Unless you've been hiding in a cave or something for the last half-year, you probably know that HBO's series Sex and the City is coming to an end in a couple of weeks. (The Arizona Daily Star gave a big write-up to this earth-shattering event a few weeks ago. So much for local coverage ...)
Anyway, the Jewish Community Center will be hosting a live broadcast (from the 92nd Street "Y" in New York City) of a talk featuring Cindy Chupack, one of the writers and executive producers of Sex and the City. Joining Chupack will be Rabbi Jennifer Krause, a screenwriter and teacher. The topic for the evening: "Loving and Dating and Sex--Oh My! A Talmudic Discussion."
Tickets cost $9, $6 for JCC members. The event is sponsored by Young Jewish Tucson.
Gay marriage is all over the news these days. With Massachusetts on its way to becoming the first state in the union to sanction same-sex marriages--and with many folks considering both state and constitutional amendments banning same-sex marriage on the other side--it's the hot-button political issue of the day.
Well, the folks at Wingspan, Tucson's LGBT community center, as well as the Arizona Human Rights Fund, are obviously in the corner of the Massachusetts Supreme Court (i.e. the folks George W. Bush considers "activist judges"). The people at Wingspan and AHRF believe that "civil marriage is a basic human right and an individual choice," and to promote that belief, they're holding a rally and community picnic in front of City Hall on Valentine's Day.
Everyone who feels the same way is encouraged to attend the rally and picnic. Bring your own picnic lunch, along with a "Freedom to Marry" sign. After the rally, enjoy the company as Lisa Otey, Kathleen Williamson and Desert Voices provide entertainment. Drinks and dessert will be provided, too.
Let's say you're a guy. Or a girl. Or somewhere in between. Whatever. Anyway, you have a hot date on Valentine's Day, and you want to impress your date. You want to look cultured, refined.
Well, take him/her/it on down to Ascencio Gallery for the opening reception of the gallery's newest exhibit, Art & Soul. The show features seven women artists: Susan Delaney (ceramic sculpture), Joan Fimbel DiGiovanni (oil on canvas), Charlotte Jones (dye on silk and collage), Kathleen Matsinger (mixed media), Monica Robles (mixed media and oil on canvas), Barb Seyda (photographs, text and tempera on canvas) and Carol Thaler (hand-made paper and mixed media). They'll be there, along with some champagne, some live music, some tasty treats--and, oh yeah, their art.
And if you REALLY want to impress your sweetie, buy 'em some art. If you spend $100 or more, the folks at Ascencio will give you a $10 gift certificate to be used that night at Lighthouse II, the delightful seafood restaurant next door. What a date that would make!
On the other hand, if you're dateless on Valentine's Day ... well, go to Ascencio and meet the artists anyway. Couldn't hurt, right?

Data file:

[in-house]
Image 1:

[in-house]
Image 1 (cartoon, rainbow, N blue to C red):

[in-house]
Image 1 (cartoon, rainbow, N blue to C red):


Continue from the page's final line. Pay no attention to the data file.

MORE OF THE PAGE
You've probably never heard of Nell Shipman. But maybe you should have.
According to our friends at the Tucson Film Society, she was a huge star in the silent-film days. A filmmaker, writer and actress, she wrote, starred in and directed a bunch of films from 1912-1925, and she even produced several indie films.
Kay Armatage is something of an expert on this pioneering woman filmmaker. An associate professor at the University of Toronto and a Toronto Film Festival programmer, she's the author of the book The Girl From God's Country: Nell Shipman and The Silent Cinema.
Well, guess what? The Tucson Film Society is bringing Armatage to town for a presentation as part of the society's Sunday Brunch series. The doors will open at 11:30, with a presentation of some of Shipman's work an hour later. After the screening, Armatage will lead a discussion.
Tickets will cost $10, or $7.50 if you're a Tucson Film Society member.
Every so often, we get a listings request that baffles us, because the request doesn't make that much sense--yet it fascinates us because it sounds so damn interesting.
Here's the description on one we got for this week: "Come be with Willow Sibert as she joyfully channels the wisdom of 'The Band.' Ask questions that lie deep within your heart. Hear answers that sustain you on your journey, and support your deepest soul work."
And that was all it said. This prompted some questions, most notably: Who or what in the heck is "The Band," and why would I want to ask it/them questions?
I called up Ms. Sibert and asked her these very questions. "I channel in a metaphysical and spiritual way," she explained. Then she revealed what "The Band" is: An energetic group made up of folks such as Albert Einstein, Thomas Jefferson and Benjamin Franklin that channels through her, revealing messages about the world and interested individuals.
Hmm. Who knew? This led me to ask another question: How and why would this fascinating group--including brilliant geniuses, great Americans and slave owners--be able to answer my questions about, say, my love life?
"What they have to tell is basically two-fold," said Sibert. "Not only do they have messages and information about life, our existence and how to be happy, but they, and I, as a collective, can answer specific questions relating to people's lives."
Sound interesting? Well, head to Ms. Sibert's Web site, give her a call or show up on Wednesday. It'll cost you $20, or $35 for two.